The artifacts were taken to the National Museum of Bermuda conservation lab and the hermetically sealed wine bottles await further analysis at UC Davis in California. This project has now shifted to the research and preservation stage. According to Dr. Delgado, “After undergoing laboratory analysis and preservation treatment, the wine and our other finds will tell their story to Bermudians and the rest of the world, thanks to modern science.”
Almost 150 years ago, the Mary Celestia was a proud 225-foot side paddlewheel steamer built by William C. Miller & Company of Toxteth (Liverpool) for William G. Crenshaw & Company, supply agents for the Confederacy. Today, all that remains is a ghostly upright paddlewheel frame standing sentinel over wreckagethat includes a huge iron boiler and fire box, remains of the ship’s engine, the anchor and bits and pieces of the hull and stern.
Mary Celestia is reported to have run eight times; however, the exact count is uncertain. To confuse Union spies there were aliases: Bijou, Marie Celeste and Mary Celeste. (This blockade runner is not to be confused with the mystery ship Mary Celeste, the abandoned brigantine later popularized by Sir Arthur Conan Doyle.)
During her action-packed career, Mary Celestia initially ran under the command of the “Boy Captain” Michael P. Usina, who made a total of 28 successful blockade runs, four of which were as captain of the Mary Celestia. Born in Florida, Usina moved to Savannah when he was 19 and became an apprentice bar pilot. He was promoted to command the Mary Celestia in May 1864, and at age 24 became the youngest captain in the blockade running fleet. Aboard his ship as chief engineer was John Sassard of Charleston. Usina later described him as a brave, conscientious Christian gentleman with nerves of steel.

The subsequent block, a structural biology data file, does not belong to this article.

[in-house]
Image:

Mary Celestia’s first run was out of St. Georges, via Nassau to Wilmington, the last open port of the Confederacy. On the return voyage, she was spotted shortly after getting through the blockade. Poor visibility in a driving rain prevented seeing their pursuer until it was bearing down upon them. The seas were rough and the Mary Celestia was heavy laden; the larger ship came within easy gun distance. Captain Usina urged Engineer Sassard to take extreme measures to get more revolutions out of the engines and ordered 45 forward bales of cotton thrown overboard to enable her to take the heavy seas more easily. While their adversary sought to avoid the loose floating cotton, below deck Sassard put a lock on the safety valve and continued to apply steam to the boilers until the ship logged 17 miles an hour in a heavy head sea. Fortunately, the untried English boilers did not fail. After three more Bermuda-Wilmington runs, Usina and Sassard moved on to other ships.